Q&A Sunday: Adding Plants to Your Bedroom

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I was wondering which plants I can use in a bedroom space that faces east but windows are on the north wall.

Cami H., Atlanta, GA

Hi Cami

Thanks for your email and question. I practice BTB feng shui, which is one of the many schools of feng shui. One of the major differentiating factors with the BTB school is that we focus on the direction of energy rather than the cardinal directions (like north, south, east, west). With that in mind, in a mundane sense, I would recommend placing the plants as close to the window as possible to ensure that they get enough light. 

As far as best plants to use in the bedroom, it depends! If it’s for feng shui applications, such as to add more wood energy (as suggested in an early episode of our podcast), then it’s best to stick to plants that have round soft leaves rather than sharp pointy ones. These three plants are some of the best options to add for feng shui adjustments!

Practically, did you know there are many houseplants that are great for the bedroom because they release oxygen at night time? Snake plants, also known as Mother-in-Law's Tongue, are one of the best options for bedroom plants for this exact reason. You can also use Moth or Dendrobium Orchids, especially if you are looking for a stable relationship, Bromeliads, Aloe Vera or certain types of Cactus plants. Just keep in mind with the last two, if you're making a feng shui adjustment, avoid pointy leaves!

On another note, since your window is facing north, it won't likely get a lot of direct sunlight. To counteract this, aim for a plant that thrives in full or partial shade. Hosta, English Ivy and Hydrangeas are a few good choices!  

I'm happy to hear that you're considering adding plants to your bedroom space. Living plants are such beautiful and meaningful additions to any space. We'd love to see photos of the plants and arrangements you decide. Send them along!

by Anjie Cho


Mindful Design is a new way to learn feng shui. Our a unique training program takes an holistic approach to learning the art of feng shui design. Mindful design is about becoming aware, and attentive, to the energy around you: both inner and outer qi. It is about promoting a better way of living and creating sacred spaces that support, and nourish. Visit us at mindfuldesignschool.com.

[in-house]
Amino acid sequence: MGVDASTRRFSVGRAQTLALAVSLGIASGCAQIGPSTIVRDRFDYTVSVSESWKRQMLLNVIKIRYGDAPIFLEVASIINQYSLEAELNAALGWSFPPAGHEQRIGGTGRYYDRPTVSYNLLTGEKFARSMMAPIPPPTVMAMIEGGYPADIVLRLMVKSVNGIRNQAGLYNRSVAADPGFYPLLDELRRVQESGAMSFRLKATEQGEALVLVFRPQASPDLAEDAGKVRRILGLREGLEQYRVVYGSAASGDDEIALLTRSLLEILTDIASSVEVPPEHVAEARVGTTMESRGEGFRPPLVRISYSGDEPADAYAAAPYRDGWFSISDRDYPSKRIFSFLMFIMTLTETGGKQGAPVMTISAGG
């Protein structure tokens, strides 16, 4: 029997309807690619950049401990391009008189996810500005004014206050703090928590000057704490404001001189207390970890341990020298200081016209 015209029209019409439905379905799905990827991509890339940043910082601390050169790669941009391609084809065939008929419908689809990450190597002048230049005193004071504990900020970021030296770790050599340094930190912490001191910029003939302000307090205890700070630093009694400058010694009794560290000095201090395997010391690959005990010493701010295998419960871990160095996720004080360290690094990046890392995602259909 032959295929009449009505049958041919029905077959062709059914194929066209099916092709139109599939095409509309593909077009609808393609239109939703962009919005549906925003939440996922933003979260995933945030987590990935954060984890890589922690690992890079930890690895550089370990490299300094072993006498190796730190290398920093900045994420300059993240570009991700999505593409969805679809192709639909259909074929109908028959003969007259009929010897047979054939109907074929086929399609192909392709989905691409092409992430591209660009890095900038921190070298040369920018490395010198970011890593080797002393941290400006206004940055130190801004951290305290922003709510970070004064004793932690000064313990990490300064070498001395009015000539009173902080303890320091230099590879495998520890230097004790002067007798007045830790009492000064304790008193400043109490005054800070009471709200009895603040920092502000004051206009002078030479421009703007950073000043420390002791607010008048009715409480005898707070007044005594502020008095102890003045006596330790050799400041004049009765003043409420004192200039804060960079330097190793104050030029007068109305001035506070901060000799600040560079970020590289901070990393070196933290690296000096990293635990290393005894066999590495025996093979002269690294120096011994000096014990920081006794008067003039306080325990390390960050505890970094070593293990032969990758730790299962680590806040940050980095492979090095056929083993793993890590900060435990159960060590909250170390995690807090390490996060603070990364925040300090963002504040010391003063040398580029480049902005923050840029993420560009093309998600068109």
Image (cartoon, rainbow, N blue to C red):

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Autumnal Equinox in Feng Shui Terms

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Maybe you know this Monday, September 23, was the autumnal equinox this year, but what exactly does that mean?

The autumnal equinox is one of two times per year, the other being spring equinox, that the sun crosses the equator, temporarily rendering day and night the same length and signifying the change of seasons from summer to fall. These times are also referred to as the autumnal and vernal equinoxes. On a more scientific level, the autumnal equinox occurs when the Earth's equator crosses the center of the sun, meaning that for one of two times each year, the Earth is not tilted one way or the other in reference to the sun. 

Since autumn is ultimately a transition into winter, it's important from a feng shui perspective that we take time to nurture ourselves in preparation for colder, darker months. Below are some tips to help you and your home fall back into autumn in harmony.

De-Clutter Your Closet

It is that time again - time to put away the off-season summer clothing and bring out the warm, autumnal gear. While you go through your clothes, take some time to de-clutter your closet. If your closet is full, you are energetically telling the universe you have no room for anything new. Make space for some amazing opportunities!

Refresh Your Bed Linens